Segment three increases the connections among the stories. Jacky “Son of actor-producer-triad Charles” Heung plays Po, who recalls his younger days when he looked like William “Boyfriend of Charlene Choi” Chan and was friends with Carlos “was in some other movie” Chan, who’s playing a younger version of Eddie Peng's character (Whew!). Po is enamored of his friend's mom (singer Kit Chan), his affection understood through lingering gazes, slight body language and oodles of subjective POV. Such attraction seems doomed, but Po has an ace up his sleeve - her husband (Eric Tsang) may be fooling around, and he could always let the info slip. More so than the others, this third segment creates smart tension, using body language and unspoken gazes rather than plot twists or dialogue. Indeed, for much of Lover's Discourse, Tsang and Wan go for visual storytelling, creating their ideas and emotions through film language rather than their screenplay, and their choices pay off.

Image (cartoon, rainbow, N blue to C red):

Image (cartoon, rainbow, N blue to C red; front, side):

It also helps that Peter Kam handles the score. The prolific composer does a superlative job here, with his music carrying the film through its rougher patches. The fourth segment could use the help; its tale is labored thanks to its forgone conclusion and needlessly protracted action. The segment features Jacky Heung and Mavis Fan as two unrelated individuals who join forces to tail their romantic partners, suspecting – of course – that both are being unfaithful. The two conduct their alliance through Internet chat and then shadowy chase, crossing over with characters from previous segments while Kam's music assertively accompanies every step, suspicion and emotional discovery. Kam isn't the only key contributor; Charlie Lam handles the gorgeous imagery, sometimes mediated in post into a scratchy, grainy grindhouse look that's meant to convey the cacophony and chaos of love. Or maybe it just looks cool, and has no real meaning at all. You can decide the answer yourself – you're probably not wrong.